I’m not standing around in the freezing cold, so I decide to walk to the next bus stop. I have a half an hour to kill. I look at the app and see where the bus is. Blaydon. I have time to walk several stops down the route. I meet local people I have never met before, parents dropping off children at a school with interesting and unusual pencil-shaped bollards outside, people with dogs and others who, like me, are slipping and sliding on the ice. We all exchange greetings; after all, this is the north east. I get to the next village. It has a clean, inviting bus shelter. I’ll wait here, I decide. My old organist from church rings me to check I’m OK. I tell her I’m in a bus shelter, quite a distance from home, but not to worry. I am OK. We laugh.

I am grateful that he is the light of the world shining in the darkness

The bus arrives and is, it seems, driven by Lewis Hamilton. That strange burning smell must be the tyres. In Corbridge, two young passengers object to paying full fare when, obviously, they are under 19. Mind you, everybody looks young to me these days A departing passenger asks the driver where she can get a timetable. The resulting delay requires him to make up time; we pull G around corners.

Relieved, I arrive in a strangely quiet Hexham. Boots doesn’t have a Christmas present I’d like to buy, but another shop has some stocking fillers. My connecting bus up the North Tyne valley is in an hour. I find a coffee shop for cake and, yes, another coffee. It is pleasant but still not very warm, the café or the coffee. It seems people are struggling with the cold everywhere.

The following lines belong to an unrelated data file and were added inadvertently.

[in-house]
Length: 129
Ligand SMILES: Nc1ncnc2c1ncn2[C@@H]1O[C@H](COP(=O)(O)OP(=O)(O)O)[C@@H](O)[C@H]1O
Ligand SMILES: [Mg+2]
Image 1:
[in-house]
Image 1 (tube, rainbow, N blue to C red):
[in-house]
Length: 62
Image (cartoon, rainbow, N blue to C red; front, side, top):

I make my way to the newish bus station, past the old one which still hasn’t been redeveloped despite our MP’s optimism. My bus arrives. It’s old and white and hasn’t been painted in company colours. Although an automatic it has a dodgy clutch. It is also very long. The driver expertly threads it through the tight village roads. I ding the bell for my stop and say farewell; he replies too, some drivers don’t.

I recall the greatness of the Lord, his abiding presence with us despite what life throws at us

Home is still in darkness, and colder than when I left. But 30 minutes later, the electricity is back; everything suddenly springs to life. Fried sausages, mushrooms, vegetables and cheesy mash potatoes have never smelled or tasted so good.

Later, Matt will be returning from Switzerland, foreshortening his holiday with friends because of - you’ve guessed it - Covid and its latest incarnation, and the restrictions it brings. I will go to pick him up from the airport.

It would be easy to feel weighed down by all of this. It’s been happening for the best part of two years, one way or another. I recall the greatness of the Lord, his abiding presence with us despite what life throws at us. I remember what Mary and Joseph went through in getting to Bethleham, the birth of their first born; strangers bringing gifts and hill men standing in awe of the Christ-child; later, fleeing as refugees from a despot. I’m grateful that God intimately knows how I feel, that Christ himself knew what suffering was yet encouraged us to keep the faith, to keep the love and to keep hope alive. I am grateful that he is the light of the world shining in the darkness.